Safer roads for wildlife is the message behind an awareness campaign launched in Tasmania today.

Developed through a partnership between the RACT, The Wilderness Society, Bonorong Wildlife Sanctuary and Tasmanian Conservation Trust, five cartoon wildlife characters call on road users to be aware of some simple actions that can reduce roadkill. These are:

  • Look out for road signs and roadkill – they indicate wildlife hotspots.
  • Take extra care driving between dusk and dawn.
  • Don’t throw food out of your car – it attracts animals.
  • Never swerve to avoid animals – slow down instead.
  • Roadkill attracts scavengers. If safe, move if off the road.

The messages will be distributed via social media, through tourist information centres, rental car agencies, tourism operators and to RACT members.

Bonorong Wildlife Sanctuary Director Greg Irons said it was estimated that in Tasmania at least 500,000 native animals were hit by motor vehicles each year, making the state’s road network one of the deadliest for wildlife per capita anywhere in the world.

“The most common animals we notice killed are brush tail possums, pademelons and wallabies that might be crossing the road or feeding on the green roadside grass, but really any animal in Tasmania is at risk of a motor vehicle collision,” he said.

“But roadkill left on the road is also a problem for carnivorous animals such as quolls, wedge tailed eagles and Tasmanian devils that come to feed on other animals.”

Mr Irons said Bonorong Wildlife Sanctuary established a statewide wildlife rescue service in 2010 to transport injured and orphaned animals to care.

“With more than 30,000 rescue calls to the service in the past seven years, the leading cause of injury to wildlife (almost 30 per cent of injuries) was being struck by a vehicle,” he said. “This far exceeded other known causes of injury such as becoming trapped in chimneys, fences and buildings, cat and dog attacks and more.”

RACT CEO Harvey Lennon said the threat that vehicles posed to wildlife – and vice versa – could be reduced by changing driver behaviour.

“Drivers can significantly reduce the risk of colliding with animals by following the five key messages of the campaign,” he said.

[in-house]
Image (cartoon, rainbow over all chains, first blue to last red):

“It’s also important to be extra careful during winter. Studies have shown a rise in collisions between cars and wildlife during June, July and August as the peak commuting times coincide with nightfall.

“Developing an understanding of typical wildlife behaviour is also important as many animals will move suddenly and without warning into oncoming traffic.”

Mr Lennon said collisions with wildlife also posed a serious safety risk to vehicle occupants.

“A study by the Centre for Accident Research and Road Safety in Queensland found that 5.5 per cent of all on-road serious casualties were caused by direct impact with an animal or swerving to avoid an animal,” he said.

Vica Bayley, spokesperson for The Wilderness Society, said changing driver behaviour to reduce roadkill was a win-win that would help protect Tasmania’s wildlife, increase road safety and improve everybody’s experience when they were out and about.

“While Tasmania is celebrated as a must-see nature-based destination, no one wants to see dead animals on our roads and this campaign highlights simple steps drivers can take to both protect themselves, and Tasmania’s unique wildlife,” he said.

“This campaign is a collaboration across Tasmanian community sectors and highlights the significance of road kill and driver safety as an issue.

“We hope it helps people understand the steps drivers can take to reduce roadkill are simple and effective and will keep them safe.”

The campaign partners acknowledge the support of the Tasmanian Museum and Art Gallery in providing a venue to launch this initiative, and encourage the public to visit its Remarkable Tasmanian Devil exhibition and take note of the road kill component of the exhibition.

Bonorong Wildlife Rescue can be contacted anytime of the day or night regarding injured and orphaned animals on 0447 264 625 (0447 ANI MAL).